The Future of Web Design
“If you think math is hard try web design.”
― Trish Parr
Think of how you use a paper map compared to how you use Google maps. Or look at a printed resume versus a LinkedIn profile. How is a file cabinet in comparison to DropBox? Each of these situations show the central benefit of a website.
In part 1 we took an in-depth look at dedicated servers, the solution where a company’s data is stored on physical hardware locally (in the building) using custom software. We found this solution to be costly but secure and flexible. In this post we are going to be looking at a new spin on flexibility called cloud computing, an emerging off-site IT solution for all types and sizes of companies. Furthermore, we intend to answer the question: I know cloud computing will work for advanced organizations in larger metros, but is it viable for a company located in Johnson City, Kingsport, or Bristol?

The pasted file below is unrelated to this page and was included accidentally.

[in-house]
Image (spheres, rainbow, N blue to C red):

“We’ve never sold anything as a company that people could try on before.”
– Tim Cook, to sales staff at a London Apple Store, reported by The Telegraph.
The Apple Watch was one of the century’s most anticipated technology products. When the company that could form its own country and compete with other mid-sized (actual) countries, decided to design and produce a wearable, the world watched (pun intended, please laugh).
But did the Apple Watch live up to the hype?
— Periscope (@periscopeco) March 13, 2015
Periscope is the, if you will, lead surfer on the new wave of content marketing and social media. It (and its twin brother, Meerkat) are the first pioneers to introduce live-streaming video sharing to the masses. I hopped on the app to try it out and this is what I discovered.
But first —
“I don’t need a hard disk in my computer if I can get to the server faster… carrying around these non-connected computers is byzantine by comparison.”
– Steve Jobs, late chairman of Apple (1997)
Steve Jobs imagined cloud computing fourteen years before it became a reality. In his mind, optimal efficiency and effectiveness were the result of as little hardware as possible. As we can see from the iPhone, iPad, and soon the Apple Watch, Jobs employed minimalism to achieve the sleekest, simplest design for his products.